- ADH and aldosterone facilitate the reabsorption of water in the kidneys.
- They are secreted under the stimulus of low blood pressure.
Difference Between ADH and Aldosterone
ADH prevents the production of dilute urine from retaining water in the body.
Aldosterone stimulates the absorption of sodium to maintain water and salt balance in the body.
ADH (antidiuretic hormone) is also known as vasopressin.
On the other hand, aldosterone is also called a mineralocorticoid because of its function.
Type of Hormone
ADH is a peptide hormone contributing to water retention.
But, aldosterone is a steroid in nature, maintaining salt and water.
Production and Secretion
ADH is synthesized in the hypothalamus and secreted by the pituitary gland.
While, aldosterone is produced in the zona glomerulosa of the adrenal cortex and secreted from the adrenal gland.
Mechanism of Action
ADH works by increasing the permeability by opening pores in kidney epithelial tissues.
Alternatively, aldosterone performs by increasing the activity of sodium pumps in the cells.
The main function of ADH is to control blood volume and blood pressure in the body by retaining water.
At the same time, aldosterone contributes to the absorption of sodium to maintain salt and water balance in the body.
Effect on Distal Tubules
Increases the permeability of DCT and collecting tubules to water.
Conversely, it makes the collecting tubules and distal collecting tubules more permeable to sodium ions.
Effect on Water Absorption
Increases the water absorption from distal tubules directly.
But, aldosterone increases water reabsorption by creating an osmotic pressure.
ADH impacts blood pressure by constricting blood vessels leading to increased blood pressure.
Whereas, aldosterone does not have any effect on blood pressure.
ADH is regulated through osmotic pressure in the blood vessels.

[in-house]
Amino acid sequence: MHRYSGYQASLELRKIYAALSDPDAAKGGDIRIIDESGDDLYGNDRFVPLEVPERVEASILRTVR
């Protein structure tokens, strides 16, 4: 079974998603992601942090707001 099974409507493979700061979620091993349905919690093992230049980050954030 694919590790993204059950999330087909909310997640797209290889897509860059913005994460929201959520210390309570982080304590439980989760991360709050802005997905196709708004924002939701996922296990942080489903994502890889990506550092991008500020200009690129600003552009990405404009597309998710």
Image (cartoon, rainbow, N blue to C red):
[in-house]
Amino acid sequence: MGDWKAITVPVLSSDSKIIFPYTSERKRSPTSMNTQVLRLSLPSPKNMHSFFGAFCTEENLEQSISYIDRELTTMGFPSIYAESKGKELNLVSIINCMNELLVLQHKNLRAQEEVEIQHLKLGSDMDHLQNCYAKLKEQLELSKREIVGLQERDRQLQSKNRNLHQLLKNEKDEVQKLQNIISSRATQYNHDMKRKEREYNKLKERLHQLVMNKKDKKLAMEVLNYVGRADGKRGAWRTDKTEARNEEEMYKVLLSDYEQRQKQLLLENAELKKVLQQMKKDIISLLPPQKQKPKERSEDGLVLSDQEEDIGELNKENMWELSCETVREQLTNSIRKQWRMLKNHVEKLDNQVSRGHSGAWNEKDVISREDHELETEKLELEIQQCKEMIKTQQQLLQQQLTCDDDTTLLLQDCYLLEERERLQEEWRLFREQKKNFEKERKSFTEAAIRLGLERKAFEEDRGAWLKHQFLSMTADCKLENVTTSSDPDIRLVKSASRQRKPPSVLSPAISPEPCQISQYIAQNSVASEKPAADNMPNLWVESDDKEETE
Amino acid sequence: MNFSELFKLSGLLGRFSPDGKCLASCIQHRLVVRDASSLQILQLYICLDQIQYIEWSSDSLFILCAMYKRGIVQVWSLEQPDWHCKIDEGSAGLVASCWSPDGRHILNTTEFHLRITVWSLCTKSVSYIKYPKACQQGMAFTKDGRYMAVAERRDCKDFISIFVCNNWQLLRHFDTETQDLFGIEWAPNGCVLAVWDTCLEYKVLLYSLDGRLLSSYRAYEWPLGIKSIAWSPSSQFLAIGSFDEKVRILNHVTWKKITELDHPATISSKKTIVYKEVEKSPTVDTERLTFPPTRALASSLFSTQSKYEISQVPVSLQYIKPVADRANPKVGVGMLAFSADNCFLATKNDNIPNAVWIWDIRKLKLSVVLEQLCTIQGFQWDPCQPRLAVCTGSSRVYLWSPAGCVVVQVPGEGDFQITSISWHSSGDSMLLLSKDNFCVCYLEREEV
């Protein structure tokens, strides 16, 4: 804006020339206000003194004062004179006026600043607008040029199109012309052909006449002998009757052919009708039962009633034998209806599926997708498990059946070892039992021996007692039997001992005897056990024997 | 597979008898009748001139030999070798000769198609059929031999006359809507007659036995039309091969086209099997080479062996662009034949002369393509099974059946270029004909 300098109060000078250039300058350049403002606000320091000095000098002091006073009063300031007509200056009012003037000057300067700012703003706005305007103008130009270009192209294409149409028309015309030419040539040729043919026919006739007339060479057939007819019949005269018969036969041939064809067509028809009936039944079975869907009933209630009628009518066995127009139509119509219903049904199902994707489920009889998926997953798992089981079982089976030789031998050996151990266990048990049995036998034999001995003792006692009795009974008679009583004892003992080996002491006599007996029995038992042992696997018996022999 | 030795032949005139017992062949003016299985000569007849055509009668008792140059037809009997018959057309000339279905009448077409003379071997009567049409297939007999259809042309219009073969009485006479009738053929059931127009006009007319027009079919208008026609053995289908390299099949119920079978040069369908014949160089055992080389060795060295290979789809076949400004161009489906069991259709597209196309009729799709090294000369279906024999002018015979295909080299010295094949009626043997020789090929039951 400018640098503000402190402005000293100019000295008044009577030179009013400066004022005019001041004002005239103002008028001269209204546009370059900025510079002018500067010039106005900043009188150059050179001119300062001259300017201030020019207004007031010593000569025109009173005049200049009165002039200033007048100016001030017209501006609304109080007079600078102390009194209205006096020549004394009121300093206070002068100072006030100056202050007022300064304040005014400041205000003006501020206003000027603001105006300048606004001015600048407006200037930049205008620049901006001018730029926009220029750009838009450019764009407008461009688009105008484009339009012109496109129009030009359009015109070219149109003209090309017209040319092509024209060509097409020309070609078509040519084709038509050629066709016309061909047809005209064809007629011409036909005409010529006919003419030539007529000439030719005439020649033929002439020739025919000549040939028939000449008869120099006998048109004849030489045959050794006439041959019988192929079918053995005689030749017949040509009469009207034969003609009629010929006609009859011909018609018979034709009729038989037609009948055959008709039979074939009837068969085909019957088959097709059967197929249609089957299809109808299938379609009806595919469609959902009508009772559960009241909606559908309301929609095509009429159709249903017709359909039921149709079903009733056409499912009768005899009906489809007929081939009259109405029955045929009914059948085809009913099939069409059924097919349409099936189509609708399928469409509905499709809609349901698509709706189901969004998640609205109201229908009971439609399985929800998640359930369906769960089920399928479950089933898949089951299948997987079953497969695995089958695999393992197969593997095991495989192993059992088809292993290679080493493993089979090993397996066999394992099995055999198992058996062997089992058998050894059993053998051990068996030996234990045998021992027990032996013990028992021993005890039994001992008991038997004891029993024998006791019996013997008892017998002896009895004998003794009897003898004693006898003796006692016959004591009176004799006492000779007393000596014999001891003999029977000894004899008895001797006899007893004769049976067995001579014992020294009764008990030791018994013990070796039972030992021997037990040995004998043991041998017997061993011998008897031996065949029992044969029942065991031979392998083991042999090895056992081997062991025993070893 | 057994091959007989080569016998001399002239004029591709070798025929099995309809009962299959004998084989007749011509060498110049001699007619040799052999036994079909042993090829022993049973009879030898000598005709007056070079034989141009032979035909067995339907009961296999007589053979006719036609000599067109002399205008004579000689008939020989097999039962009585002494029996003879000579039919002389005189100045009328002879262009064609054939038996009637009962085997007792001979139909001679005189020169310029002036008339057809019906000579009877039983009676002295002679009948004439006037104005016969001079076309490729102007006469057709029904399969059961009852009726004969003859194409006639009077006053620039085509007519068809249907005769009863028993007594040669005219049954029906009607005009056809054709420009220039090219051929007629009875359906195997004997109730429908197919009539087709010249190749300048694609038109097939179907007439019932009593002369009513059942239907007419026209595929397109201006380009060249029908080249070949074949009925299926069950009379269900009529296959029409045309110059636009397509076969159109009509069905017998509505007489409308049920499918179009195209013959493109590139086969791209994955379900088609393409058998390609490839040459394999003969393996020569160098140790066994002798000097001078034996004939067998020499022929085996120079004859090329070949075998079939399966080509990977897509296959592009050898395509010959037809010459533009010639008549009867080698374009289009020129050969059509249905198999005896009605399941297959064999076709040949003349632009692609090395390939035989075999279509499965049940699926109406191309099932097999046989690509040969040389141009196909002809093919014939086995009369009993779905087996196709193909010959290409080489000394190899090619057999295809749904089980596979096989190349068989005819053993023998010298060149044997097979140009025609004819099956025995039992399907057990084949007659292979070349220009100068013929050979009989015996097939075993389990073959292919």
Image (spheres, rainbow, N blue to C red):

Contrarily, aldosterone regulates through renin, angiotensin, and blood pressure.
The Bottom Line
ADH and aldosterone are important hormones in the body that contribute to water retention in the body. Despite their similar function, the main difference between ADH and aldosterone is their mechanism of action. ADH increases permeability by opening pores in kidney cells. Alternatively, aldosterone increases the activity of sodium pumps in the body. Moreover, ADH or vasopressin contributes to blood pressure, while aldosterone does not impact arteries, veins, or capillaries.
What is the relationship between ADH and aldosterone?
ADH contributes to water reabsorption, whereas aldosterone also plays a role in sodium reabsorption. Aldosterone increases blood pressure and blood volume by stimulating water and sodium reabsorption.
Does aldosterone stimulate ADH release?
Aldosterone acts on the kidneys to increase fluid and sodium retention. It also stimulates the release of ADH from the posterior pituitary gland, which helps increase fluid retention.
How do ADH and aldosterone affect urine output?
ADH and aldosterone both work to retain water in the body. However, the mechanism of action is different. ADH opens pores in kidney tissues, while aldosterone increases the activity of sodium pumps.
Jeannie has achieved her Master’s degree in science and technology and is further pursuing a Ph.D. She desires to provide you the validated knowledge about science, technology, and the environment through writing articles.